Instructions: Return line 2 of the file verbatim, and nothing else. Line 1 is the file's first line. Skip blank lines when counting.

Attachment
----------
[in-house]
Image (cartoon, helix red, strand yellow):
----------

Image (cartoon, helix red, strand yellow):